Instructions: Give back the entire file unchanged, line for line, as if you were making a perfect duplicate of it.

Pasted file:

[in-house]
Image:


[in-house]
Image: